By Terry Sears, LCSW
It is easy to lose sight about what truly matters in the blur of our fast-paced world, full of technology and isolation, but helping our children to become caring and responsible young adults should be a priority for every parent and caregiver.
At its core, empathy is simply defined as understanding how someone else feels, but its true meaning goes far deeper and has the power to change the world. By shifting our focus and perspective from our own wants, needs and/or desires to the inner pain, struggle, and triumphs of others we encounter, we gain joy and wisdom that cannot be found or bought anywhere else. “Walking in someone else’s shoes” symbolizes a desire to experience the thoughts and emotions of another. Rather than judging others, we seek to understand, to find compassion and to encourage, to accept others for who they are and to appreciate the unique gifts they have to offer.
As parents, we want our children to be successful, to achieve their dreams, to have abundance, happiness, and hope. At times, such goals have caused us to promote competition and create a single focus with our eye on the “prize” by conquering anything or anyone in the path. In a desire to connect with their children, parents mistakenly replace conversations and cherished memories with electronics, fashion trends and desired objects. But imagine what kinds of world could we create if we took the time to teach our children how to connect at a deeper level with others, which also would allow them to truly understand and appreciate themselves. Empathy then becomes a much greater prize and could begin to heal what is broken in the world today.
Give The Experience Of Empathy
Although empathy seems elusive, there are many ways parents can encourage and model empathy daily.
• The first step to teach empathy is to model it with your children by slowing down the fast-paced world around you to actually notice what matters to them, to listen to their true heart’s desires and to experience their pain and joy through their eyes. Too often, we jump in with advice or perceived words of wisdom that only serve to close the bridge to new discovery and understanding.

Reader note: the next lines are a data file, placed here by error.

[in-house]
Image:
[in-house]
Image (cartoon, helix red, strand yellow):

• Taking a genuine interest in their hobbies and unique strengths and empowering them to pursue their life’s passion instead of a paycheck is a priceless gift and lesson. Ask them about their daily “highs and lows” so that they will reach out when they need to and know that there is always a foundation of love to return to.
• To feel empathy for others, one must first feel valued and understood and then seek to understand. Make them a priority by shutting off your cell phone, turning off the television and laptop and truly being in the moment with them.
• A key component of empathy is understanding emotions. Our children’s ability to identify and regulate their own emotions and to understand the connections between thoughts, feelings and choices is essential. Without such skills, their ability to have empathy for others is blocked. Teaching them valuable regulating skills such as deep breathing, muscle tensing and relaxation, meditation and mindfulness will allow them to truly connect with and understand themselves and others. Being able to interact with others in a loving and compassionate way and resolving differences and conflict through compromise and conversation are skills that will serve them well throughout the rest of their lives.
• Conduct family meetings to discuss concerns, challenges, and creative ideas. Practice truly “hearing” others’ thoughts, ideas and perspectives by utilizing fun games and activities to assess their level of skills over time.
Teaching Through Example